Such an approach allows for operation as set forth in
The precise nature of the alteration can vary with the specific application. For example, the closing mode can be altered, the opening mode, a stopped-waiting-for-action-to-be-initiated mode of operation, or all of these (altering both the opening and closing process is particularly appropriate when using these concepts with a sliding gate style of movable barrier operator). The alteration itself can include preventing full or partial closing or opening of the movable barrier and/or movement of the movable barrier in a direction opposite that which has been instructed by a user.
In the embodiments described, a single safe-operation sensor has been attached to the operator. These concepts are readily extendable to use with multiple sensors, however. For example, as shown in
When using multiple sensors the above-described embodiments are readily modifiable to accommodate such a configuration. For example, with reference to
Detection of multiple sensors can be used in various ways as desired. For example:
(1) Once a given sensor has been connected, the operator can require continued presence of that particular sensor (or at least the coupling of a sensor to that particular sensor interface and input);
(2) Once any sensor has been connected, the operator can require continued presence of at least one sensor (for example, if a first sensor is coupled, and then a second sensor, and then the first sensor is uncoupled, the operator could continue to operate in an ordinary fashion because the second sensor is still connected); or
(3) Once a first sensor has been connected, the operator can require the presence of multiple sensors even though additional sensors have not yet been connected.
Other permutations and combinations are of course possible.
Pursuant to the above embodiments, a movable barrier operator can successfully function as a non-sensor-based operator provided no sensors are coupled to the operator. Once a sensor is coupled and used, however, the operator becomes a sensor-based operator and will require continued presence of a properly functioning sensor to ensure ordinary operation. This result occurs automatically and without the need for any specific user-initiated learning mode. It is possible, however, that a user may wish to disconnect a sensor from an operator and have the operator again function as a non-sensor-based operator. To accommodate such needs, if desired, a switch (such as switch 19 as described in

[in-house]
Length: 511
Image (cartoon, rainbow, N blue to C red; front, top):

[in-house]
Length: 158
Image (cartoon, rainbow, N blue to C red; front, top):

Pursuant to these various embodiments, a single movable barrier operator can be used in a variety of user settings without need for special user training and/or actions. Instead, the operator will automatically serve both with and without safe-operation sensors in a safe and appropriate manner.
Those skilled in the art will recognize that a wide variety of modifications, alterations, and combinations can be made with respect to the above described embodiments without departing from the spirit and scope of the invention, and that such modifications, alterations, and combinations are to be viewed as being within the ambit of the inventive concept.
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|Citing Patent||Filing date||Publication date||Applicant||Title|
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|US9235178 *||Mar 11, 2010||Jan 12, 2016||Canon Kabushiki Kaisha||Image processing apparatus|
|US9574387 *||Nov 21, 2014||Feb 21, 2017||The Chamberlain Group, Inc.||Alignment of obstacle detection components|
|US20050237018 *||Apr 25, 2003||Oct 27, 2005||Aisin Seiki Kabushiki Kaisha||Operating mechanism of open/close body|
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|U.S. Classification||340/686.6, 318/626, 340/541, 318/468, 340/540, 340/686.1, 340/545.1, 318/280, 318/484|
|International Classification||G08B21/00, G05B19/042|
|Cooperative Classification||E05Y2800/22, E05F15/42, E05F15/41, G05B2219/2628, E05Y2800/246, G05B19/0428, E05Y2400/554, E05Y2400/58|
|Aug 12, 2002||AS||Assignment|
Owner name: CHAMBERLAIN GROUP, INC., THE, ILLINOIS
Free format text: ASSIGNMENT OF ASSIGNORS INTEREST;ASSIGNORS:STUDY, ROBERT;ROBB, ERIC;GIOIA, WILLIAM;AND OTHERS;REEL/FRAME:013190/0455;SIGNING DATES FROM 20020703 TO 20020726
|Dec 7, 2009||FPAY||Fee payment|
Year of fee payment: 4
|Dec 6, 2013||FPAY||Fee payment|
Year of fee payment: 8